First, there is the PCB itself. you must consider its size, the components on the PCB and whether they need to be coated or must not have coating on them, what you are protecting from (moisture, water, chemicals, heat etc) and the volume to be processed?

Once these details are understood then you have to select a conformal coating material. But, selecting a coating influences the application process. For example, choosing a UV cure coating obviously means a UV cure conveyor is required. But, it also means certain robotic valves cannot function in general with these materials. So, coating selection automatically influences the application method.

In fact, the material, the PCB and the application method must be considered as a whole to give you the best chance of developing the optimum process for costs, time and protection.

Click Which conformal coating application method should I choose? Do I dip, spray or brush? to find out more.

SCH have an option of automatic viscosity control and top up system for the DS101 dip coating system. Can you advise how this works?

Automated viscosity control is a sophisticated process reserved for companies who are going to process a lot of PCBs and change the viscosity of the tank a lot of times in a shift or for companies who want a totally closed loop process without manual adjustment.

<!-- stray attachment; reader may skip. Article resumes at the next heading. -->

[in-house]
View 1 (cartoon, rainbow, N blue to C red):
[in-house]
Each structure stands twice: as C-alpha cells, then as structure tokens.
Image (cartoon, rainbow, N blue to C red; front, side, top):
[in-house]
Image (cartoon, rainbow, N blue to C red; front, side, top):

The viscosity system is an inline viscometer with feedback monitoring the tank constantly. There is a dosing system that would adjust the coating as required, feeding back into the conformal coating tank either conformal coating material or conformal coating thinners.

Click Conformal Coating Dipping FAQs to find out more about this and other issues relating to the process.

What is an airless, non-atomised film coating valve and how does it affect my conformal coating robot process?

This type of valve design relies on generating sufficient fluid pressure to force the valve through a shaped valve opening to form a leaf-shaped fan pattern.

Conformal Coating Non-atomised airless robotic spraying

Conformal Coating Non-atomised airless robotic spraying

What you get, if several other conditions are near perfect, is a wide fluid stream with a well-defined edge as seen in the picture below.

Conformal Coating applied by a film coating valve

Conformal Coating applied by a film coating valve

To find out more about this and other valves for conformal coating application click Choosing the Right Valve for a Selective Robotic Conformal Coating Application Process